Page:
When Taylor Swift’s Midnights album was released, it broke records for the number of streams, the number of sales, and the number of songs that topped the charts.
Now, the singer-songwriter’s upcoming US tour has completely imploded Ticketmaster, with millions of fans left unimpressed and politicians calling for the ticket giant to be dismantled.
So what really happened, why are politicians getting involved, and what did Ticketmaster say?
On Tuesday, millions of Taylor Swift fans tried to buy pre-sale tickets for the singer-songwriter’s The Eras Tour of the US, causing periodic outages and long waits online.
Fans reported waiting in lines online for up to eight hours, and many found they were too late to purchase tickets, which cost between $49 (US$73) and $449 (US$668) each.
The pre-sale includes tickets that are made available to a select group before they go on sale to the general public.
“I’m a failure as a father,” writes Dave Bell, author of the popular NextDraft newsletter.
“The only time my daughter really needed me to come across for her, I ended up looking out, banished to the barren badlands of the Taylor Swift ticket queue,” he said.
Other fans said they were repeatedly dropped from waiting lists and directed their anger at Ticketmaster. Some said they took the day off work and felt the process should have run more smoothly.
Wait times of several hours were also reported on ticket seller SeatGeek, which was selling tickets for Swift’s shows in Arlington, Texas, and Glendale, Arizona. SeatGeek said it, too, had seen high demand and urged fans to “be patient.”
Another presale, for Capital One credit card holders, has been postponed from Tuesday to Wednesday.
Some buyers are already looking to cash in on the heat, with ticket sellers trying to bring in up to $28,000 ($41,700) per ticket on Wednesday.
Ticketmaster, which is owned by Live Nation Entertainment, said the sale resulted in “unprecedented demand” that was causing delays and that it worked quickly to resolve it.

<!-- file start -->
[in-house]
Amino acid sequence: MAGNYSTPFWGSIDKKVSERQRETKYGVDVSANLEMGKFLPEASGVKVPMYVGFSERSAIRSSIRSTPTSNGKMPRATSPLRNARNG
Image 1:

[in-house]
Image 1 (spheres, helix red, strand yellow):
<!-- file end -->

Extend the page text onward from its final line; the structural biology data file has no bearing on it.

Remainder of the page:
Why are some politicians now calling for Ticketmaster to be dismantled?
Not only were members of the public frustrated with Ticketmaster, US politicians also took to Twitter to criticize the company.
“Excess wait times and TicketMaster fees are totally unacceptable, as evidenced by @taylorswift13’s tickets today,” Rhode Island Congressman David Cicilline wrote on Twitter.
He added that the 2010 merger of Ticketmaster and Live Nation, which received approval from the US Department of Justice, should not be allowed.
“It’s no secret that Live Nation-Ticketmaster is an unchecked monopoly,” he said.
The ticket industry has frustrated Americans for years with hidden fees, limited ticket availability due to pre-sales, and other annoyances.
Mr. Cicilline, who chairs the House antitrust committee, called on the Justice Department to investigate.
New York Congresswoman Alexandria Ocasio-Cortez said the company needed to “take control”.
“Daily reminder that Ticketmaster is a monopoly, and its merger with LiveNation should never be approved, they should be controlled,” she wrote on Twitter.
“break them up.”
What did Ticketmaster say?
The ticketing site for fans said Tuesday morning, via a statement on Twitter, that it is experiencing “intermittent issues” that the company is working “urgently” to resolve.
Later, Ticketmaster tweeted that there had been “historically unprecedented demand” for Swift’s first tour since 2018, from millions of people. Ticket sales for West Coast shows were delayed by three hours.
Ticketmaster said hundreds of thousands of people have already secured tickets for Swift’s tour.
A Ticketmaster spokesperson said more than twice as many people signed up for early sale as there were tickets available, and millions more have jumped online to buy.